As many warm-weather destinations continue to recover from last year’s historic hurricane season, some families getting out of town for Spring Break are going to Plan B.
“Hurricane Katrina has impacted many groups traveling from Mississippi and Louisiana,” said Dobson Bowden of TREK Travel Programs in Jackson. “We are all, tour operators and suppliers, working as best we can to assist these groups in any way possible to continue to provide these travel opportunities.”
So what’s Plan B?
Vickie Greenlee, president of For Travelers Only, and also a national director for the American Society of Travel Agents, said she’s sending a lot of folks to the Turks and Caicos Islands, located in the Caribbean, southeast of The Bahamas and north of Haiti.
“It’s really becoming a hot destination,” said Greenlee. “Three or four gorgeous new resorts have opened there, including Grace Bay Club, which has beautiful children-friendly villas. What makes them so attractive is that Delta flies directly there from Atlanta and it makes travel so easy.”
Bill Bryan, owner of World Travel Consultants, said more people are traveling overseas.
“I’ve done a lot more Europe,” he said. “I’ve got people going to Israel, Egypt, Spain, Germany and London,” he noted.
The higher cost of tickets to overseas destinations hasn’t deterred travelers, said Bryan.
“The airfares to Europe are atrocious and all the flights are just about full,” he said. “In a pure economic sense, they’re not that expensive if everybody’s paying that much for them.”
Bowdon, whose company deals primarily with student groups, said their travel destinations haven’t changed this spring. The top choices still include Washington, D.C., New York City, Chicago and Orlando.
“Everyone knows the historical significance of Washington, D.C.,” he said. “It’s a wonderful opportunity for students to see the White House, the U.S. Capitol Building and other historically significant sites. New York is always a blast with the Broadway shows and magnificent museums. Many people don’t realize what a wonderful city Chicago is. It has the architecture to astound anyone and the museums to fulfill that craving to enjoy art and science and industry, as well as great food. Certainly, Orlando is on the list for Disney World.”
Jo Anne Caven, president of Bonner Travel, now part of Bryan Bonner MTS Travels, said some families are opting for Universal Studios instead of Disney World. “They’ve been to Disney a number of times, and now they’re going somewhere different,” she said.
Caven also has clients traveling to Costa Rica, Napa Valley, Jamaica, on golfing trips to Palm Springs, Calif., and Marsh Harbor in The Bahamas,” she said.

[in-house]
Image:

So what’s not hot in travel trends this spring?
“Not so many families are going skiing,” said Caven. “I had one family going to Sundance and they ultimately cancelled and decided on a warm-weather destination.”
Because the northeastern tip of the Yucatan peninsula received severe storm damage last summer, travel to Cancun, Mexico, and the Mayan Riveria is down. And because cruise ships are not docked in New Orleans, cruise travel has dipped considerably.
“Cancun will be back by next year, and by this fall, cruise ships will be going back to New Orleans and cruise traffic will build back immediately,” said Bryan.
Daytona Beach is no longer the spring break zone for student groups, said Georgia Turner, owner of Ormond, Fla.-based Georgia Turner Group.
“Although some students still come here, we have more families here during spring break and have found that many of the ‘hot hotels’ for the event no longer cater to students,” she said. “The CVB stopped promoting spring break a couple of years ago.”
Not as many people are headed to Destin, which has also received some storm damage. “It’s not that they don’t want to go or don’t have the money, they just don’t have the places to go,” said Bryan.
Peggy Shamburger of Avanti Travel said her clients are bucking the travel trends. They’re headed for skiing in Colorado, Disney World and Caribbean cruises.
Two prominent travel trends: people aren’t resting on their laurels, and they’re no longer making all their travel plans alone.
“People aren’t staying home, that’s for sure,” said Caven. “I can’t remember any January or February being any busier than the beginning of 2006.”
Travelers who booked flights last fall got great airfare rates, but those who waited until mid-January or February paid a premium.
“Spring break is so booked up, we’re having a hard time finding airfare anywhere,” said Greenlee. “If you’re looking for airlines out of Jackson on the 9th and 10th of March, seats are extremely difficult to get. As a matter of fact, we’re recommending our people get to the airport early because airlines are notorious for overbooking.”
However the method of travel, people are flocking back to travel agencies.
“I have people telling me: I don’t care what you charge, I’m not doing this by myself anymore,” said Caven.
Contact MBJ contributing writer Lynne W. Jeter at Lynne.Jeter@gmail.com.
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